Bradford pushing to speed up approval of phosphorous recycling facility

bradford phosphorous recycling
Bradford Jonathan Scott and Georgina councillor Dave Neeson (Georgina Councillor – Ward 3) have sponsored motions to advance the proposed Holland Marsh Phosphorous Recycling Facility (photo from Township of BWG)

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Ontario Construction News staff writer

The Town of Bradford West Gwillimbury Council unanimously passed a motion to ask York Region to speed up planning and construction of the proposed Holland Marsh Phosphorous Recycling Facility.

The motion also requests provincial funding for the project expected to cost over $42 million to build.

The Regional Municipality of York will contribute $24 million, and the federal government $16 million, to construct the storm water treatment facility that will reduce runoff from Holland Marsh into Lake Simcoe and protect the lake’s watershed from excessive algae growth.

The Holland Marsh as a critical point load of phosphorus, contributing an average of six tonnes a year., according to a federal government news release. Lake Simcoe is the largest inland lake in southern Ontario outside of the Great Lakes. The watershed is home to more than 435,000 people.

“This project alone will reduce phosphorus runoff into Lake Simcoe by 40 per cent, cutting algae growth in the lake’s watershed, preserving fish habitat and protecting a major source of drinking water,” Katharine McKenna said the funding announcement last fall. “We simply have to invest now in infrastructure that protects Canadians, our environment, and the biodiversity of our ecosystems.”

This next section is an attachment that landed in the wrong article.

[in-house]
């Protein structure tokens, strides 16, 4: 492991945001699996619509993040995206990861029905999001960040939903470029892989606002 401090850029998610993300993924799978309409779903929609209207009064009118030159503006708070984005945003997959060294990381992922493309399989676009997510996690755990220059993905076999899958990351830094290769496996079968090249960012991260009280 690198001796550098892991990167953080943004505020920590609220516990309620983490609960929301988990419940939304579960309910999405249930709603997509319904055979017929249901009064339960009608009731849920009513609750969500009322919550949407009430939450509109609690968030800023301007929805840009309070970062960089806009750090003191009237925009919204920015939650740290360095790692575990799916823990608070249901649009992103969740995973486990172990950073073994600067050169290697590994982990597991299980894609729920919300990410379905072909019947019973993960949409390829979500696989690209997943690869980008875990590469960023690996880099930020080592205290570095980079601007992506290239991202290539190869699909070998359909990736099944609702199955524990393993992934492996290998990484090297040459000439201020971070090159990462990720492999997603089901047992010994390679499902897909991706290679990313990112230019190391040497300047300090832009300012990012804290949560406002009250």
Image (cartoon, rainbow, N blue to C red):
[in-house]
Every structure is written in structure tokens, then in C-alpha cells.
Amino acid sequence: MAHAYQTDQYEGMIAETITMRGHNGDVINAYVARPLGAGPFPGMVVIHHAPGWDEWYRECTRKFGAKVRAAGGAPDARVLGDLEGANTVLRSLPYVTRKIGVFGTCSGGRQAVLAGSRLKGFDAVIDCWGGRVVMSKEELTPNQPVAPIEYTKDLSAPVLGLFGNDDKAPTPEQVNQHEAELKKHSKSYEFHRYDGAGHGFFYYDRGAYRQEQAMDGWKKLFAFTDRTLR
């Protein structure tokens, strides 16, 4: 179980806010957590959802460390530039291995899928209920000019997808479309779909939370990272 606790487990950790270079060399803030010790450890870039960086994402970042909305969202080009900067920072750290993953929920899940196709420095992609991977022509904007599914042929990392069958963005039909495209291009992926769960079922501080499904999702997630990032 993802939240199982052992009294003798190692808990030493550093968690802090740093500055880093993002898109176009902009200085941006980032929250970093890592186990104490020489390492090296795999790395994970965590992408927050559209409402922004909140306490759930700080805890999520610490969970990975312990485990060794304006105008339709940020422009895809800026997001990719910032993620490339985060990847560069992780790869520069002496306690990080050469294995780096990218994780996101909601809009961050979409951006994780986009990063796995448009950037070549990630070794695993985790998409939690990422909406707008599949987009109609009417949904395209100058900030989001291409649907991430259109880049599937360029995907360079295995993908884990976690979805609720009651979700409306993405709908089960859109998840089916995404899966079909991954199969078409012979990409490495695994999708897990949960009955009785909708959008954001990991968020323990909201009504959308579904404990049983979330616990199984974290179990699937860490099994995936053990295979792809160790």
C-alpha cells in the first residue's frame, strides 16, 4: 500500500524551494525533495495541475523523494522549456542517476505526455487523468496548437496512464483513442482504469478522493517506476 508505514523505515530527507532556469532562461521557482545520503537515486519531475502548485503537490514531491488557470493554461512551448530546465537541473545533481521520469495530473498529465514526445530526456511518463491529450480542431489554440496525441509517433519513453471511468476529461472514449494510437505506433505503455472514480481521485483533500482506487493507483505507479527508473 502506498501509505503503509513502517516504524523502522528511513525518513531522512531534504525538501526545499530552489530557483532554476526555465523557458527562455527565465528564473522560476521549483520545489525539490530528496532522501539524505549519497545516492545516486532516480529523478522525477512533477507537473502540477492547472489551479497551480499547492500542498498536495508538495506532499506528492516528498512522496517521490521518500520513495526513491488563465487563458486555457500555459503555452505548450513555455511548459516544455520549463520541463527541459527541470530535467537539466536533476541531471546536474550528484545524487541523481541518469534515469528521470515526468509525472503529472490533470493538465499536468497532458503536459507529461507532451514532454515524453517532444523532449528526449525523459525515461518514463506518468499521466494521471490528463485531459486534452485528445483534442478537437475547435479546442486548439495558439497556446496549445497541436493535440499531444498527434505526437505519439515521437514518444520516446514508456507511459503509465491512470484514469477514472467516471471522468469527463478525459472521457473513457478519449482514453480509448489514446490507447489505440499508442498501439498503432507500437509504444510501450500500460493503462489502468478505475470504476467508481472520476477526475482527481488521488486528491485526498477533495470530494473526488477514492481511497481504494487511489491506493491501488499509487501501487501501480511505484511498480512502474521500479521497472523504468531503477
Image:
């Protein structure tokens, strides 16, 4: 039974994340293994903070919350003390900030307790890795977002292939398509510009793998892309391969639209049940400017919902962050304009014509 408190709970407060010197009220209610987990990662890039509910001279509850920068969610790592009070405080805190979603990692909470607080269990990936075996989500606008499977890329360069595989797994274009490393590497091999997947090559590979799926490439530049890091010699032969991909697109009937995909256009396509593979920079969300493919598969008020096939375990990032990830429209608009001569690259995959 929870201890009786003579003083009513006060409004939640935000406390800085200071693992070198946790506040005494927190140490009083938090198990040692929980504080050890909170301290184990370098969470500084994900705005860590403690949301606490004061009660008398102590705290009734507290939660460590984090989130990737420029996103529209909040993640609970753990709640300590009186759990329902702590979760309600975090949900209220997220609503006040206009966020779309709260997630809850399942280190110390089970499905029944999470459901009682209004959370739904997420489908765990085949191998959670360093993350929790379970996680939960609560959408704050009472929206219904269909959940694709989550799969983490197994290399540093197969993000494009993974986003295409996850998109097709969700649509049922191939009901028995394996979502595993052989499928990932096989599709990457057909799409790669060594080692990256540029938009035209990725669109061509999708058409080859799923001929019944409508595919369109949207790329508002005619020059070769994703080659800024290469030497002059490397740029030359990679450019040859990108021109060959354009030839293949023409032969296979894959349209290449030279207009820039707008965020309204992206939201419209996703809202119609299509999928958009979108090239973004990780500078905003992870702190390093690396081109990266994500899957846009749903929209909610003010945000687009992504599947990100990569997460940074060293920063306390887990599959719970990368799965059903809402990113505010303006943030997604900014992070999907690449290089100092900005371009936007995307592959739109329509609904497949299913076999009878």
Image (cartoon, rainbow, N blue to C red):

Local councillors say the plant is needed to preserve the health of Lake Simcoe as residential development continues in Innisfil, Bradford-West Gwillimbury and surrounding communities.

According to proponents, the proposed facility would reduce phosphorous runoff into the Holland River and Lake Simcoe by up to 40 per cent, protecting the Lake’s watershed from algae growth, which will better protect the region’s aquatic habitat, increase ecosystem biodiversity, and proect drinking water sources.

“I think it’s a win-win for everybody,” said Deputy Mayor James Leduc, who said he was looking forward to the motion carrying through the province. “To me, this is a project that should have been looked at a long time ago.”

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